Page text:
Sign of the Unicorn – 3/5
The third book of the Chronicles of Amber pick up more or less where we left off book two, where Corwyn was confronted by a presumed issue of one of his powerful brothers and survives a fight. Now it’s time to account for everything that has happened before, and try to make sense not only of how Corwyn got to this place in recent years (and it’s been years), but what also led to to those events in the years previous. I am started to feel like the books are blurring a little, which will probably lead me to stop reviewing them individually at this point. In the meantime, I will keep plugging along. It’s hard to take these as separate stories at this point.
Assembly – 3/5 Stars
A short and highly impressionistic first novel about a youngish (around 30 or so) Black, middle-upper class woman in London dealing with what all that entails. The novel exists almost exclusively within the close narration of the lead character who works for some kind of company that does some kind of business, and represents more of an elevator out of a lower-class childhood than a clear, meaningful purpose. She’s dating a doctor who comes from a well-off family, and she’s a woman who finds herself walking around London. All of these spaces provide her with plenty of opportunity to experience uncountable numbers of micro and macroaggresions, all while also trying to deal with the simple act of being. The writing in this novella is very good, and I think the length works for the close narrative perspective, but also means that the impact of the total is slim (but not slight). Each scene is powerfully rendered, but the novel takes some time to get the handle of the various moments, and since there’s not much novel there, we run out of room by about the time we get through with it.
People Love Dead Jews – 5/5 Stars
Obviously the first thing to stand out here is the absolutely fantastic and unsettling title of this book. The book itself shares some similarities to David Baddiel’s Jews Don’t Count, especially in topic and title audacity. But the books diverge in tone especially. Baddiel’s book is polemic, and this is a little more of a series of essays circling a wide and not always direct discomfort. There’s also a little more history and investigation here. Baddiel’s book also litigates some very specific conflicts he’s had with critics.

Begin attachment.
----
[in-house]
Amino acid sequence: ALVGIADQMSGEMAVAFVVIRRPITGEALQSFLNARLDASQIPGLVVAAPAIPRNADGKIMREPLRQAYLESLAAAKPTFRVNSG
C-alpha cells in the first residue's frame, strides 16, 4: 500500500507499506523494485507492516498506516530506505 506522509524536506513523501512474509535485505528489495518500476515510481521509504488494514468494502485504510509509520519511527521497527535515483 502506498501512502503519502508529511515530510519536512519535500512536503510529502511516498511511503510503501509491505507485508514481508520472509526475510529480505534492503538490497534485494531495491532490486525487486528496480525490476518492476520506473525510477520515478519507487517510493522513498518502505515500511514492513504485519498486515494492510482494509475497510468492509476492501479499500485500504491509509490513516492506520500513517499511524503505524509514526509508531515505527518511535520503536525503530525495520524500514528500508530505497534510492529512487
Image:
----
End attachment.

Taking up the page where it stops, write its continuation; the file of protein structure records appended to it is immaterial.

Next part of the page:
I was visiting a city south of me (I live in Richmond VA), and there was a statue of Martin Luther King Jr there. The statue proudly proclaimed that Dr King visited the city in the early 1960s. They didn’t get into why. In Richmond, there’s a lot of commemorations of Confederacy (though not as many as there used to be). Those, too, love to tell history up until some very specific details. Even the monuments to someone like Gabriel Prosser, who led a slave rebellion can get a little murky in light of the rest of the history of the city. “This is the site of the largest slave jail in the United State” run by someone…. Dara Horn’s second chapter in this book speaks to the similar discomfort of Jewish Heritage sites she visited, where the dedication is proudly displayed, but the explanation of why there currently weren’t any Jews there is not really discussed. This speaks to the idea at the heart of this book, that dead Jews are celebrated or sadly, commemorated, but not so much live Jews.
The book then goes into a mix of different topics related to this overall idea. Th essays are a combination of memoir, history, journalism, and commentary. The topics begin where most Americans interact with the Holocaust, with the diary of Anne Frank. Dara Horn isn’t the first writer who has asked the question (and this is constantly asked of MLK as well): what would Anne Frank’s legacy if she had survived? Philip Roth saw his version of a living Anne Frank as a blocked writer, while Dara Horn suggests she would have an impressive and illustrious career similar to other Holocaust survivors who wrote. But that also her legacy would be different.